Updated: Nov 7, 2019
Like any project, marketing campaigns and activities face the three major constraints of cost, schedule and scope. The goal of every marketing agency is to present a compelling pitch that shows the client that they can deliver the campaign on time, under budget and surpass the scope of the client.
By the time the client is preparing a brief, they usually have an idea of what they expect done and key things that they want to hear. The biggest challenge as an agency is that very often, clients tend not to consider audience behavior as a science driven by data. Behavior trends and patterns are usually not analyzed and therefore do not feed into the brief. Instead, they make assumptions about their audience persona(s) - who their audience is, how they consume information and what converts them etc. The assumptions are normally based on their personal interactions with people in their circles who may not necessarily fit the target audience profile.
As marketers, we go into pitches hoping that the client is a clean slate waiting to blown away by our pitch. This is often not the case. The clients’ assumptions and opinions are usually the basis for the briefs and cloud their vision with regard to our campaign proposal and campaign activities. The client knows exactly what the campaign should look like and these become strong suggestions and recommendations by the client. The pitch therefore becomes merely a formality. The client expectation therefore is to incorporate their suggestions and recommendations, and run with their assumptions making them bigger, bolder and better, all under budget.
Without data leading the way, everything is an opinion. The beginning of every campaign should begin with the validation of assumptions and opinions with data.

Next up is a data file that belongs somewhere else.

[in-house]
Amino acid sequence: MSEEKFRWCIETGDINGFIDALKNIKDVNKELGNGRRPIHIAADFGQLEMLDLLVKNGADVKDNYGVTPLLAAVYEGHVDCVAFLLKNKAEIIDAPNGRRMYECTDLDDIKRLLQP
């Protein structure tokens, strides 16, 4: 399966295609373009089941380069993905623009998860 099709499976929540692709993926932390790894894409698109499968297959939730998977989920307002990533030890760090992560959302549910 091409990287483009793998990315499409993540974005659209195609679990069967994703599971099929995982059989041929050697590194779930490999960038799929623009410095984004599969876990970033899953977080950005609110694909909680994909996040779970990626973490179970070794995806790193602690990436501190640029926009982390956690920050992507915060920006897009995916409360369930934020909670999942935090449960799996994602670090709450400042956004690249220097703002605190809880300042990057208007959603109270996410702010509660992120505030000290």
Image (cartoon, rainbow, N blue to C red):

Here’s a summary of elements that I feel are important but usually get neglected when it comes to inviting agency proposals for activations:
Not everyone understands your business as deeply as you do: When you invite proposals for activations, it is always important to introduce your business as well as your industry, where possible. This is IN ADDITION to introducing the project/activation. The cost of poor or wrong content is a lot higher than doing nothing!
You are not the target audience: The marketing tactics you would respond to are not necessarily what your target audience would respond to. Map out the audience journey and audience persona then design an activation that targets them, not you.
Do not do things the same way and expect different results: The biggest challenge I have observed with companies is that they really want to do things differently on the surface, but at the core, they will probably end up doing the same thing and wonder why the results are not any different. An example of this is when you hire a new agency because all your past campaigns did not yield fruit. You still do not introduce your business. You constantly remind them how you used to do things and provide them with strong suggestions without a basis founded on data. Remember, change is the only constant. The business playing field is changing – your audience is constantly evolving, technology is changing…you either need to move or be moved.
The client is not always right: This statement may stir up some controversy, but to err is human. Sometimes a client needs to be steered onto the best path for their brand. Let data be your guide. Many times, clients’ strong suggestions are implemented even though they are not healthy for the brand. We believe that where there’s doubt, validate it with data. Failures can be very expensive.
Bigger, bolder and better is subject to your budget: In marketing, you reap what you sow. If you want big results, you need to be ready to put in more resources.